The fire was disturbing beautiful, and the smoke plumes, whilst they killed the air quality, had an almost ethereal quality to them. It inspired my first poem of many a year, and made me really reconsider my photographic style and technique. In fact, the field trip was incredibly rewarding from an artistic perspective, which will sound completely mental to anyone who knows me as I’m about as artistic as a brick. Nonetheless it was, freeing my creative writing block that I’ve been fighting for months. Words inspired by Muir, Twain and the great landscapes of the region flowed (and continue to flow) beautifully, and that is the last thing I expected this fieldtrip to achieve!
It is very easy for me to say that the ‘experiential’ learning we did in California, designing dozens of mini research projects until we got them right, was brilliant, because it was. It is how I learn the best, and I know that the lessons learnt in the field on this trip will stand me in good stead for my coming dissertation and hopefully my later career. There is something to be said, however, from the development of the individual in the field- it isn’t all about the research, the lectures and the sessions- operating in an unfamiliar environment presents challenges that I absolutely relish, and I know that I’ve taken a lot away from that alone. I imagine others will have too.
Finally, there was a big emphasis early in the course on the concept of ‘wilderness’, and it’s taken a while for me to synthesise my thoughts on the matter. Wilderness could be seen as a colonial term to some extent, as these lands were never really wild- Yosemite was inhabited by Native Americans before they were turfed out by Burrell & Lafayette of the Mariposa Battalion. Thus they were not discovered- unless you mean by white, European settlers. Regardless, how do we define what is wild, especially in the technological age? Is it escaping the everyday hum of the internet, or going where no cars can be found (a la Rousseau)? If so, then perhaps Yosemite isn’t the place to be. Is it the potential for things to go wrong, with predators lurking out of sight? I’ve come to the conclusion that ‘wilderness’ as such does not exist, and it never really has. Regardless, humanity is constantly reaching, grasping for the most fleeting taste of wilderness, for that feeling of being ‘in the wild’. Strictly speaking, nearly every habitat on earth has been modified by humans, and thus in reality wilderness doesn’t exist as such- but that will not stop man and woman from camping under the stars, paddling from source to sea, and hiking deep into forgotten valleys. We primally desire, nay require, our earth to be wild, for their to be the unexplained and the unpredictable in an increasingly binary world.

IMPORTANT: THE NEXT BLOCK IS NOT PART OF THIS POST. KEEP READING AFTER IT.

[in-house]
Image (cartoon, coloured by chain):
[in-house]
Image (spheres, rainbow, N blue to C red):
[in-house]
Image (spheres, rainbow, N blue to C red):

In the words of the great Thoreau, in Walden:
‘We need the tonic of wildness…At the same time that we are earnest to explore and learn all things, we require that all things be mysterious and unexplorable, that land and sea be indefinitely wild, unsurveyed and unfathomed by us because unfathomable’.
And with those words ends a truly great field trip, one that I will cherish and remember for as long as I live. I’d like to express a sincere thanks to the Centre for Geography, Environment and Society for organising the trip, with special mention to every single member of staff who travelled with us for making it the memorable experience it was.
San Francisco, USA.